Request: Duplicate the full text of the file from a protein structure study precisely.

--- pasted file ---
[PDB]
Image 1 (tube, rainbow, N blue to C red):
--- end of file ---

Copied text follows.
[PDB]
Image 1 (tube, rainbow, N blue to C red):